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Moving onto c++ from c

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I have learned c for roughly 3 months and i believe i have a good grasp on most stuff(save char pointers but i am working on it). I now want to move onto c++ because of a few reasons:

- better dynamic memory allocation
- boolean(better than unsigned char IMO)
- classes
- the ability to not have to use pointers as much
- better STD lib

Etc.


Now i have bought a c++ textbook and i have read the first few chapters and it seems identical to c. Since i am new to c/c++ i dont really want to miss anything that may be important but i am pushed for time.

Which topics should i read and practice and which ones can be ignored or are identical to c?

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Off the top of my head:

- constructors and destructors

- member visibility (public, private, protected), which ties into information hiding.

- virtual methods and class inheritance

- RAII (resource acquisition is initialization)... not specifically C++, but a good concept to be familiar with, and it will lead into smart pointers

- references

- templates (more advanced topic, but you should have some familiarity with them since they are used in smart pointers and containers).

Edited by phil_t

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the ability to not have to use pointers as much

Make sure you got good grasp on arrays and pointers.You should not skip those!

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In C++, you use alot of pointers still. Though with modern C++ styles, these are more likely to be smart pointers like std::shared_ptr, std::weak_ptr, and std::unique_ptr. Even so, you still use the occasional raw pointer, and you use loads of references as well (which can be thought of as simplified and safer pointers)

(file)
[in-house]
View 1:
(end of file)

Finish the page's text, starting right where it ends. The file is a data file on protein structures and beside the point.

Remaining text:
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- better dynamic memory allocation
- boolean(better than unsigned char IMO)
- classes
- the ability to not have to use pointers as much
- better STD lib

Etc.
 

 

It's kinda funny because every single thing on that list would be true of moving from C++ to C#. ;)

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You should probably not think of C++ as a "better C" because that is not what it is. C++ looks somewhat similar and even does borrow some things from C (sadly, one has to say -- while C as such isn't a bad language, this sure doesn't make C++ better -- I prefer doing one thing or the other, you just shouldn't borrow things that somehow don't fit in), but it's a completely different language.

 

A lot of things that are allowable or even idioms in C will make a C++ programmer throw up (or, throw things at you). Try not to mix the two, a C programmer doing "some C++" is usually a terrible C++ programmer (talking out of experience).

 

The probably most important (and, at the same time, most annoying at first sight) things that you'll have to learn and adapt to quickly is much stricter typing and the fact that there exist exceptions (and your programs must be written in a way so no evil things happen in their presence). That, constructors and destructors, and function overloading, including overloaded operators.

 

If you can, you should try to learn C++11 right away, since it is again a completely different language than "old C++" (or nearly so). Compiler support (for the most part) is readily available, and the features of C++11 will make your life a lot happier.

Edited by samoth

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